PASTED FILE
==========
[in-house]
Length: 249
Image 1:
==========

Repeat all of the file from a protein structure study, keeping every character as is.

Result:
[in-house]
Length: 249
Image 1: